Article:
Cell Junctions and the Extracellular Matrix
• Direct and extracellular matrix interactions are social interactions between
cells and hold cells together. These interactions make multicellular life
possible - shape, strength, architecture of a life form.
• Extracellular Matrix - a complex network of proteins and polysaccharide
chains that cells secrete.
• Cell Junctions/Extracellular Matrix have two broad categories of tissues that
are found in all animals (see below figure):
• Connective tissues - e.g. bone or tendon, are formed from an extracellular
matrix produced by cells in the matrix. The matrix that bears most of the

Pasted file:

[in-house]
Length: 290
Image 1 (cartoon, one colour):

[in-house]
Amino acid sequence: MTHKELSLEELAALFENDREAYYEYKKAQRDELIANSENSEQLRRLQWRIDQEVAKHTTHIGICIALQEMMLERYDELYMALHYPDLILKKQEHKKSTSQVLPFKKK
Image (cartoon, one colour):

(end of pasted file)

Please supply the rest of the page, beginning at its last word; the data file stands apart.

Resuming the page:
mechanical stress the tissue is subjected to, not the individual cells. Direct
attachments between cells are rare, but cells are attached to the matrix. Cell–
matrix junctions link the cytoskeleton to the matrix, allowing the cells to move
through the matrix and monitor changes in its mechanical properties.
• Epithelial tissues - e.g., the lining of the gut or the epidermal covering of the
skin, cells are bound together as sheets called epithelia.
• basal lamina/basement membrane - thin mat of cellular matrix within
• cell-cell junction - direct connections in the epithelium.